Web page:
Brawl erupts in Turkey parliament over judicial reforms

ANKARA - A brawl erupted in the Turkish parliament on Thursday as a heated debate on controversial judicial reforms turned nasty.
The deputy leader of the main opposition Republican People's Party (CHP), Bulent Tezcan, was injured and taken to hospital as fists flew in the assembly.
Media reports said the fracas flared after one lawmaker spoke about claims that Prime Minister Recep Tayyip Erdogan's son had been summoned to testify as part of a major corruption probe rocking the government.
But Bilal Erdogan's lawyer issued a statement, saying his client was "ready to testify" if prosecutors summon him, but that so far no summons had been received.
"Events in parliament today and reports that appeared on some media outlets about my client are statements that have no legal basis but are entirely politically motivated," lawyer Ahmet Ozel said.
"My client resides at a permanent (registered) address and we are ready to go and testify upon the issuance of a summons by the prosecutor's office."
Parliament is expected to vote from late Friday on a bill aimed at giving the government greater control over the judiciary, a move that has raised concerns at home and abroad about the weakening state of democracy in Turkey under Erdogan.
His government has also sacked or reassigned hundreds of police and prosecutors in what is seen as a reprisal for the corruption probe that has struck at the heart of the political elite.
In the latest move on Thursday, more than 160 officers were removed from their posts in the western metropolis of Bursa, a day after a similar shakeup in the main cities of Istanbul, Ankara and Izmir.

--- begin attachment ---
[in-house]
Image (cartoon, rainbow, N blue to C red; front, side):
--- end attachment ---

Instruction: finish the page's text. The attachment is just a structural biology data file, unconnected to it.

The Turkish media estimates that at least 2,500 police, including top officers, have been punished since the graft scandal erupted in mid-December.
Dozens of prosecutors, including senior lawyers leading the investigations, have also been sacked or reassigned.
More than 50 people including the sons of cabinet ministers and business leaders such as the head of a state bank were rounded up last month as part of the probe into alleged money laundering linked to Iran, gold smuggling and bribery in real estate projects.
Erdogan accuses an erstwhile ally, exiled Turkish preacher Fethullah Gulen, of creating a "parallel" state to try to topple his government via loyalists in various institutions including the police and judiciary.
But the purges, coupled with the judicial moves and legislation curbing the Internet, have provoked criticism, particularly in the European Union which Turkey has long sought to join.
Fistfights also erupted earlier this month when MPs were debating the justice bill in a parliamentary commission.
The political turmoil has raised concerns over Turkey's economic outlook and sent the local currency plunging to all-time lows almost daily this year.
"Turkey is damaging itself with such a blinding quarrel," Muharrem Yilmaz, the head of the country's top business association, said of the feud between Erdogan and Gulen.
"We are worried about how groups outside politics are impacting politics," he added.